Check your Facebook preferences

Are you receiving updates from the Frankie Manning Foundation Facebook page?  Did you know that “liking” a page isn’t enough to receive page updates? You must also now adjust your settings for all of your favorite Facebook pages in order to receive the updates in your newsfeed. Here’s how to adjust your preferences: Underneath the “like” button, […]

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Frankie Manning’s Favorite Steps

Thank you to the 9:20 Special in San Francisco for this guest post. They’re organizing a Frankie Celebration as part of Frankie Month in May and this list of Frankie’s Favorite Steps is part of that effort.  Initially Compiled by Laura Jeffers, Edited by Rik Panganiban, April 2016 With Frankie Manning’s birthday coming up, some of us […]

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Frankie Manning on Broadway

Just a few years after Frankie Manning retired from the Post Office, when the momentum of the swing dance revival was just starting to build, he was approached by two Broadway producers who were bringing the Paris production of “Black and Blue” to Broadway. They had heard that Frankie was an original dancer of the Harlem […]

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Lindy Hop for All: Interviews and Oral History of the Frankie Manning Foundation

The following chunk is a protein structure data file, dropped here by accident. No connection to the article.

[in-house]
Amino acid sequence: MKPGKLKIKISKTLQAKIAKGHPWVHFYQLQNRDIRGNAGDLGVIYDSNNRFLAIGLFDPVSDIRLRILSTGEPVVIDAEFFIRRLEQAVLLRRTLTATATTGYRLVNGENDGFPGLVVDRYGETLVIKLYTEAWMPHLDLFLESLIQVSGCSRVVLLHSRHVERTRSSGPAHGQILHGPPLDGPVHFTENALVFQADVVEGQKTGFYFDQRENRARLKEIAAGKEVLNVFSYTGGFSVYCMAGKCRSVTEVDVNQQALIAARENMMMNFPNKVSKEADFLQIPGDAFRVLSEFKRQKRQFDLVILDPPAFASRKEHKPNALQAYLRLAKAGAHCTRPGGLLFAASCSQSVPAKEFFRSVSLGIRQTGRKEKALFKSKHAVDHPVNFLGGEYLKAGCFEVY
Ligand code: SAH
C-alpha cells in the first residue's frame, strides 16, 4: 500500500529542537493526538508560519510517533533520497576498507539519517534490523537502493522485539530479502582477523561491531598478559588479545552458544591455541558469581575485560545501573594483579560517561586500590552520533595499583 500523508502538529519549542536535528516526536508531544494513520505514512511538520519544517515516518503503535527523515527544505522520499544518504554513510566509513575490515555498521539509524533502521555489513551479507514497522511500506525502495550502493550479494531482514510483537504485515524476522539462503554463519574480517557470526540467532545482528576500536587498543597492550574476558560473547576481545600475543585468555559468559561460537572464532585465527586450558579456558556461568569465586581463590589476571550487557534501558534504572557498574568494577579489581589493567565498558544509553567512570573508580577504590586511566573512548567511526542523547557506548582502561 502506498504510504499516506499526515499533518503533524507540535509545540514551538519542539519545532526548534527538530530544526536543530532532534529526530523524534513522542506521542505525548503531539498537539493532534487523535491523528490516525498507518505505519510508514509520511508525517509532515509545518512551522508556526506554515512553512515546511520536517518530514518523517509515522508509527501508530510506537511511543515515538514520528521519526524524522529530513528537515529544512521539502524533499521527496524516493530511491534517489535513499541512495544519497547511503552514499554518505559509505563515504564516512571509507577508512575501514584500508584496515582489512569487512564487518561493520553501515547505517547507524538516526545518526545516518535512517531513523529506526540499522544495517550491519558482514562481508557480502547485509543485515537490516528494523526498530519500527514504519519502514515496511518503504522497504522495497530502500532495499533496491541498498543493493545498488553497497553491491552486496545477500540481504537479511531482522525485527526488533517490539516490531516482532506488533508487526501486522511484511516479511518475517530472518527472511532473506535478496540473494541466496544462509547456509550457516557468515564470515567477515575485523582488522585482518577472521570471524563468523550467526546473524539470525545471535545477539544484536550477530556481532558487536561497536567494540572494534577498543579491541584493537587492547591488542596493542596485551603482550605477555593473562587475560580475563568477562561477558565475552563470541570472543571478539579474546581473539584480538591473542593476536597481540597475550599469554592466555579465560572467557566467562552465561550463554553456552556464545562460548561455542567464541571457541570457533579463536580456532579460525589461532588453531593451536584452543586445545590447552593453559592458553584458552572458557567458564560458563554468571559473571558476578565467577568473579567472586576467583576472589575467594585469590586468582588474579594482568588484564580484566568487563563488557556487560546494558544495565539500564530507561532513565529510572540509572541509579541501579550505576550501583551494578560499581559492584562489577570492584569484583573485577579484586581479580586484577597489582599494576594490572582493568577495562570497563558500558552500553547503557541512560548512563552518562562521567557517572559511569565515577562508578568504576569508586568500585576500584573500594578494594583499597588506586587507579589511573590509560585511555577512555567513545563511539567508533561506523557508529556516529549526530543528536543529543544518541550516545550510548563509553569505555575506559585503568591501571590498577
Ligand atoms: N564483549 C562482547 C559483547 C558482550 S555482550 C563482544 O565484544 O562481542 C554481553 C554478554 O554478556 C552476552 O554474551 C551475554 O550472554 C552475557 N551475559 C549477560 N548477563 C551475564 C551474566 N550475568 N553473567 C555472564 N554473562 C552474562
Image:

Interviews conducted & article written by Dan Gorman The Frankie Manning Foundation only came into existence six years ago, but today it is at the forefront of the global swing dance scene. Frankie Manning was one of the originators of the lindy hop at the Savoy Ballroom in Harlem, and he later played a pivotal […]

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FMF Ambassador Kevin Harris Continues Grandfather’s Legacy

Our FMF Ambassadors are special people. They are talented dancers, of course, but they are also trailblazers – they are introducing Lindy hop in new communities which may not have even heard of it before. They are naturally curious and they are lifetime learners. And they are also very generous teachers, sharing what they know. […]

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Mother City Hop

Guest Post by Brendan Argent  In the 1940s, musicians in Sophiatown (South Africa) started playing swing music in the style of the American big bands they heard on the radio. Before long, the neighbourhood became know as ‘Little Harlem’. This South African swing had a very distinctive flavour as the (often homemade) penny whistles and […]

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